A further concern resulting from the prolonged high fungal burden associated with fluconazole therapy is the possibility of predisposition to immune reconstitution syndromes (IRIS) following initiation of ART. Cryptococcal IRIS has been reported in up to 30% of patients with cryptococcal meningitis following ART, (18,19) and high rates, with associated mortality, have been reported in South African cohorts treated with initial fluconazole therapy. (20) An association between high rates of cryptococcal IRIS and fluconazole as initial treatment as opposed to amphotericin B has not been demonstrated, but would be consistent with the existing data on risk factors for the development of IRIS. Cryptococcal IRIS is associated with a high fungal burden at baseline (high antigen titres and disseminated disease), early introduction of ART (within 1-2 months of diagnosis of cryptococcal disease, when fungal burdens are likely to be higher), and persistently positive CSF cultures after 2 weeks. (18,19) Experience from Cape Town suggests that the rates of cryptococcal IRIS may have declined since the introduction of amphotericin B as initial therapy. (20,21)

[FIGURE 1 OMITTED]

[FIGURE 2 OMITTED]

CONCLUSIONS

The balance of evidence suggests that amphotericin B (0.7-1 mg/kg/d)-based regimens are superior to fluconazole 400 mg/d as induction therapy for HIV-associated cryptococcal meningitis. Amphotericin B induction therapy should be used where possible, with sodium and fluid loading, equivalent to 1 litre normal saline per day, if there are no contraindications, and the patient is carefully monitored for anaemia, renal impairment and electrolytes, and receives potassium replacement therapy as required. In the absence of flucytosine, a dosage of 1 mg/kg/d for up to 2 weeks is usually tolerated. Significant side-effects, if they occur, usually do so in the second week, by which time the organism load will have been significantly reduced and patients can be switched early to fluconazole if necessary. (8,11,22) In the many settings (especially common in the rest of Africa) where amphotericin B therapy is still not feasible, fluconazole should be used at a dosage of at least 800 mg/d, pending the results of studies, currently under way, to optimise oral treatment regimes in such settings. There is a linear plasma level-dose relationship with fluconazole doses up to 2 g/d, (23) and some evidence for a dose-response effect with higher fluconazole doses, in terms of time to sterilisation of CSF. (12,13,24,25) Dosages up to 1 600 mg/d have been used in limited numbers of patients without serious side-effects. (23,26)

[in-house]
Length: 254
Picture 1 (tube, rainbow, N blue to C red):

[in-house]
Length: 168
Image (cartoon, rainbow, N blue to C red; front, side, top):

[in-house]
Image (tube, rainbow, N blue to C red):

REFERENCES

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(4.) Hakim JG, Gangaidzo IT, Heyderman RS, et al. Impact of HIV infection on meningitis in Harare, Zimbabwe: a prospective study of 406 predominantly adult patients. AIDS 2000; 14(10): 1401-1407.

(5.) Mwaba P, Mwansa J, Chintu C, et al. Clinical presentation, natural history, and cumulative death rates of 230 adults with primary cryptococcal meningitis in Zambian AIDS patients treated under local conditions. Postgrad Med J 2001; 77(914): 769-773.

(6.) Schaars CF, Meintjes GA, Morroni C, Post FA, Maartens G. Outcome of AIDS-associated cryptococcal meningitis initially treated with 200 mg/day or 400 mg/day of fluconazole. BMC Infect Dis 2006; 6: 118.

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(13.) Saag MS, Powderly WG, Cloud GA, et al. Comparison of amphotericin B with fluconazole in the treatment of acute AIDS-associated cryptococcal meningitis. The NIAID Mycoses Study Group and the AIDS Clinical Trials Group. N Engl J Med 1992; 326(2): 83-89.